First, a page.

You may have a drip in your arm to provide fluids, and a thin plastic tube (catheter) to drain urine from your bladder. Some gauze may be placed inside your vagina to act as a bandage for the first 24 hours, which may be slightly uncomfortable.
For the first few days or weeks after your operation, you may have some vaginal bleeding similar to a period, as well as some vaginal discharge. This may last 3 or 4 weeks. During this time, you should use sanitary towels rather than tampons.
Your stitches will usually dissolve on their own after a few weeks.
You should try to move around as soon as possible but with good rests every few hours.
You should be able to have a shower and bathe as normal once you've left hospital, but you may need to avoid swimming for a few weeks.
It's best to avoid having sex for around 4 to 6 weeks, until you've healed completely.
Your care team will advise about when you can return to work.
Use of vaginal mesh
Surgical repair for pelvic organ prolapse may not always be successful, and the prolapse can return.
For this reason, synthetic (non-absorbable) and biological (absorbable) meshes were introduced to support the vaginal wall and/or internal organs.
Most women treated with mesh respond well to this treatment. But the Medicines and Healthcare products Regulatory Agency (MHRA) has received reports of complications associated with meshes. These include:
- long-lasting pain
- sexual problems
- mesh exposure through vaginal tissues and occasionally injury to nearby organs, such as the bladder or bowel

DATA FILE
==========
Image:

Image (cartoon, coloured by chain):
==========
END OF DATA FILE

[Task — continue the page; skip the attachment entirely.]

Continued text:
Since July 11 2018, this type of operation has been paused while extra safety measures are put in place.
The National Institute for Health and Care Excellence (NICE) recommends that mesh should only be used for the treatment of pelvic organ prolapse under research circumstances. If you join a research study, NICE recommends that you're regularly monitored for any complications.
If you're thinking about having vaginal mesh inserted, you may want to ask your surgeon some of these questions before you proceed:
- what are the alternatives?
- what are the chances of success with the use of mesh versus use of other procedures?
- what are the pros and cons of using mesh, and what are the pros and cons of alternative procedures?
- what experience have you had with implanting mesh?
- how successful has it been for the people you have treated?
- what has been your experience in dealing with any complications?
- what if the mesh doesn't correct my problems?
- if I have a complication related to the mesh, can it be removed and what are the consequences associated with this?
- what happens to the mesh over time?
If you've recently had vaginal mesh inserted and think you're experiencing complications, or you want to find out about the risks involved, speak to your GP. You can also report a problem with a medicine or medical device on GOV.UK.
Page last reviewed: 15 February 2018
Next review due: 15 February 2021